An open door to business?

Portals offer an opportunity for trading partners to get past the door and into the back office, but is the welcome mat rolled...

Portals offer an opportunity for trading partners to get past the door and into the back office, but is the welcome mat rolled out and ready for them, asks Antony Adshead

Corporate portals are widely regarded as the one of the next strategic steps for corporate IT. International heavyweights such as Ford and BP-Amoco have begun portal rollouts in the past year and analysts have documented a frenzy of activity in the portal software sector as suppliers vie for position.

Industry watchers have viewed the portal phenomenon as the next evolution of the graphical user interface. Supplier marketing literature gushes with the possibilities.

And, it's not just hype - industry observers and savvy IT directors know that corporate portals can bring cost savings and business benefits. Massively improved business process efficiencies and savings in maintenance are possible, but the suppliers are less forthcoming about the hidden challenges necessary to make a portal worthwhile.

Trailblazing companies have warned of initial user resistance to portals and how they can highlight shortfalls in existing IT systems.

At SAP's Empower user forum last week the BBC and BOC, the gasses company, spoke of their experiences in portal implementations.

The BBC is in the process of its implementing its Portal for All project. The corporation has 23,000 staff and carries out 180,000 business transactions a month with an estimated 150,000 suppliers. Its systems are vast and disparate - financial data is held on 29 different systems.

But the benefits of tackling such a minefield are well worthwhile, said the BBC's head of financial operations, Peter White. "We have many local systems which have arisen on an ad hoc basis so there are many ways of doing the same task. The portal gives a single environment, making it easy to use."

But the sheer scale of the implementation of the portal posed a challenge, he added.

"The browser's look and feel is something users are used to so they do not worry about familiarity with different systems. Having said that we had problems implementing - but that comes with being at the cutting edge. It has taken us six months to produce something useful for 2,000 employees," said White.

BOC is also in the throes of both internal and external portal implementations and has recently gone live with a portal for 3,000 customers in the UK and New Zealand and Australia. The company is confident that a portal will enhance customer satisfaction and loyalty.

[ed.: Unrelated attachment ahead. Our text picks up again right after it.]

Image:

In its BOC2B project, customers will be given access to purchasing catalogues, account details and technical information tailored to a company profile, such as industry sector.

In addition, when full integration is achieved the company will benefit from having a unified infrastructure. Content will be centrally controlled and made available to 42,000 BOC staff in 50 countries around the world.

But while BOC sees the benefits of moving to a portal environment, the company recognises the significant challenges exposed by a portal implementation.

A portal works because it brings together information from a variety of data sources in and outside the business and makes them available on one screen. The user can then control processes by dragging information between, say, catalogues and customer lists.

As David Johnston, BOC's e-business manager, said, "A portal is like a door to your house - it is up to you whether you want to open it. It is straightforward from a technical point of view but you need to make sure the house is in order because when you open the door you may find a big mess inside."

Indeed, the tasks thrown up by an ambitious portal project can be manifold. Chris Harris Jones, principal analyst with Ovum, said, "Beginning a portal project is often accompanied by a horrendous realisation that your systems don't talk to each other and of the extent of incomplete and dirty data held by the business."

There are also cultural challenges to be faced in getting users to use a portal, adds Harris. "One surefire way is to put their e-mail in it - that way they can't avoid using it."

Simon Bragg, an analyst with ARC Consulting, said tensions between subsidiaries can also arise as a result of portal projects that integrate data from different countries.

"You need standard cost structures if you are going to compare performance of every plant across the world. Companies have managed to integrate regions, but very few large [top ITer organisations] have achieved true global integration," he said.

Portals, then, do promise to revolutionise the way we do business. Being able to instantly draw and act upon data from systems inside and outside the business via a user-friendly browser is surely the next step in business computing. But, as in a revolution, behind the triumphant flags lies a battle-torn landscape.

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